Who will console you well enough (part 1) by Victor Ola-Matthew


Maybe not everyone, but most people, like you, want, after losing somebody really dear to themselves, their consolers to sit still in the parlour and say nothing because everything they utter will never come out right in the moment. You want them to be people you really love, people whose cologne or mere skin smells you know because your nose has once sunk into their flesh the time they made you laugh. You want only your lovers, family or something more, or those with equal importance to you as the deceased to sit there, right beside you, holding your hand in theirs as they stroke their thumb soothingly on the back of your hand. You want your head on their shoulders so you can sulk away from existence.

     But what you don’t want is Sister Patricia, head of evangelism, and Brother Samson, head of the choir your deceased had forced you to join at sixteen, bringing half the church population, or what you feel is, to your small parlour that seemed to be closing on you when they enter because they feel it is a good gesture. ‘After all, it is the best we can do’, you imagine them saying before leaving the church that hot Sunday afternoon for your house.

      You don’t want Sister Patricia saying, ‘Peace be unto this house’, as she enters because there is no peace right now. There is death. You don’t want her and the other women to offer to prepare you food in your kitchen because you don’t want them dropping your kitchen utensils in new places you are yet to discover in your clogged cooking space. Besides, you are mourning not handicapped. 

     They all sit quiet, but it’s not the kind you want. Why should twenty five people who have never shown up at your house be here and now quiet? You eye them rudely, because you know once they get home they will forget about the deceased while you have further apparitions and interactions in your dreams, but they don’t see your eyes move because your black turban’s tip falls and hovers your face.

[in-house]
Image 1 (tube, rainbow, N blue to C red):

It all seems bearable until Brother Samson, with his dark fat lips that covers years of developed decaying dentition, says, ‘God gives and God takes. Brethren let us rise up and pray’. You wish him death of a loved one, maybe his wife. And even though you shouldn’t, you do and you could not care any less. You did not want to hear any religious teaching. Not now, not ever. Even if, just not now.

      What you don’t want are your friends saying, ‘Sorry’ or whatever statement they will say, even though you know how conscious and calculated they are about the way they should speak around you. Sorry? Did you fall? You lost somebody,  so why would they give you the condolences given to somebody who kicked a bucket and tripped. You don’t want them, or anybody at all, calling you and when you eventually pick, you don’t want them starting with the rhetoric, ‘Is it true?’ You’re not possibly pulling a joke. 

     ‘They must be mad’, you say to yourself when you drop the call. You’re enraged. Everything irks you and you just don’t know why….

The rest of this short story will posted next week Friday subscribe to with your email to stay updated.

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Pencilmarks and Scribbles Magazine was founded in 2017 by Clara Jack to be a home for African writers, asking them to come as they are and giving them room for growth. The publication aims to give back to the Nigerian Literary scene for the things it has given us.